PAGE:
Just a heads up, this post is sponsored by Seattle Goodwill, which means I was given a gift card to purchase items in their store. All words are my own, and I completely support this organization.
I'm totally aware that it's still winter, but that doesn't mean we can't talk about edible gardening. The beautiful thing about a kitchen with windows is that it becomes a makeshift greenhouse. This means herbs all year round.
Putting this little project together is as simple as it looks, but I wanted to bring light to what the herbs are planted in. Those are flour sifters. I lit up when I first saw these at Seattle Goodwill because I've been looking for plant containers that were kitchen items, so they are safe to grow/eat out of, for awhile now. You really never know what you're going to find at Goodwill. Flour sifters have sturdy walls and holes on the bottom, for sifting of course , making them the perfect planter because of drainage. My mint, rosemary, and thyme are happy campers.
The biggest tip I like to tell folks when it comes to edible gardening is grow what you actually eat. If you didn't want to eat it in the beginning, you'll be even more disappointed giving TLC to something that you'll be giving the stink face to in the end. My second tip is to actually let the herbs grow. This might sound silly, until you start clipping the herbs so much when it's trying to grow and end up killing the plant from the excitement to use it. This may or may not have happened to me ... multiple times ... but trust me, it happens.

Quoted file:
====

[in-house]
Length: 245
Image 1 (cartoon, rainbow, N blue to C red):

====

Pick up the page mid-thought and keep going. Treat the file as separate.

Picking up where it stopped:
3 flour sifters, or kitchen item with holes on the bottom
All natural compost
- Put a small handful of the compost on the bottom of the sifter.
- Slightly break up the roots of the plant and put inside the sifter, making sure the top of the roots are level with the top of the container. Fill the sides with compost, packing it in so there's not a lot of loose dirt.
- Gently water the herbs in the sink, making sure the water drains through. You want all of the soil to be wet.
- Let the plants drain completely drain in the sink until there's no water coming from the bottom, then place on a plate and put in the sunniest spot in the kitchen. Water again when the soil is dry, about once a week depending on the amount of sun they get.
Seattle Goodwill's mission is to provide quality, effective employment training and basic education to individuals with significant barriers to economic opportunity.